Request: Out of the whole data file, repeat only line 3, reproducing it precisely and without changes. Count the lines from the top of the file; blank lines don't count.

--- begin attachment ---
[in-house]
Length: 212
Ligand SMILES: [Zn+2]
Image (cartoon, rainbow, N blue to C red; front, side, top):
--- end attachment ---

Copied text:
Ligand SMILES: [Zn+2]